Dear, oh dear! Clearly, I'm a very bad mum. I have said the un-sayable. Admitted the un-admissable. Confirmed to my children that I have a favourite. Yes! I told them that I knew who I would save from a charging run-away bus if I had to. Which I would grieve for more. Which has a firmer hold on my heart. Which ... what? Dog, of course! Dog. I'm an awful dog parent. I don't recall how we got onto the subject of favourite dogs - I think it was something to do with loving them. And perplexing Littlest with the additional and judging by her face appalling admission that I do not love Four-legged-friend and Bertie Baggins as much as I love her. Ho hum ... Both boys are beautiful, capable of devious thievery, faithful, have eyes that bleed unconditional love into your soul and would happily graze through every hour of every day. Which at this time of year in a garden filled with fruit dangling conveniently at muzzle height they do. Which is my favourit

Fine food, fine friends and finding inspiration

First, apologies to anyone dropping by for a spot of canine chatter in a dog-themed blog. 'Walking the dog' is on holiday and the boys are at their dog-themed holiday camp (aka kennels). To say it was a challenge coaxing Bertie Baggins into the car in order to get them there would be an understatement on the scale of 'I've had enough carrot cake' - all his recent journeys have been to destination-vet, where he has had vaccine squirted up his nose; needles jabbed into his back-side or surgery to lop his balls off. Bread didn't work. Following Four-legged-friend's calm hop into the passenger foot-well failed to settle him. In the end, it took two of us to manhandle him into the boot and he whimpered most of the way there. Note-to-self to take him on some fun journeys - destination-walkies, or collecting Littlest from school. Once at destination-kennel and with both boys out of the car, I promptly turned into hapless, without-a-clue-how-to-handle-two-over-

A little bit of rudeness goes a very long way

Why is rudeness so unsettling? And why when someone is rude to you is the natural English response to say "Sorry" - where does that come from? Is it really necessary to apologise to someone who has just been rude to you? Maybe it's a subtle way of pointing out to them that, even if they have none, you still have manners. And perhaps you are apologising on their behalf because the word sorry probably last passed their lips some time during their early childhood and they have forgotten how to form the particular muscular contortion of lips and tongue required to form the word. They need to be reminded what it looks and sounds like. Rudeness is a deliberate and malicious display of disrespect. Our encounter with it occurred at lunch-time yesterday: actually, at Littlest's lunch-time-plus-an-hour and she was flagging - more steps, more dust, more wasps, more sun-exposure and another mediaeval town that interested her about as much as a book on the astrophysics of quasar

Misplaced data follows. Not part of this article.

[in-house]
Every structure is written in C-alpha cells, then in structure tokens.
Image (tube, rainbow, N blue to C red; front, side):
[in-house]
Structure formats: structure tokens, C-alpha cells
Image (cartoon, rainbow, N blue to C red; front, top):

Of felonious friends, lists, fulfilling lists and future lists.

I am a writer of lists. Like my father, who probably still writes lists, I get bogged down in the detail of the day ahead, panic at the imbalance between jobs to do and time in which to do them and attempt to calm my inner turbulence by writing down all the things I hope to achieve in a list. And subsequently fail to achieve much at all.  A good day will be a 'two-er' - one in which two items on the list are scored through. 'One-ers' are pretty acceptable too. Far too many days though, end in a self-inflicted debate over whether I can justify a hashed line through a task partially completed. And I often write "make list" on my list for the following day, thus perpetuating the rolling disappointment and failure. Some occasions are associated with more frantic list making than others. I am currently in the frenetic period pre-holiday-departure which has to be up there, with pre-wedding, at the top of the list making league. I make lists, then sub-lists to